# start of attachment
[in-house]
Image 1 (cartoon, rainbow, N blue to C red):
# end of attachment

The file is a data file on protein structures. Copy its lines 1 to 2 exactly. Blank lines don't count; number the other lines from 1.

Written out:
[in-house]
Image 1 (cartoon, rainbow, N blue to C red):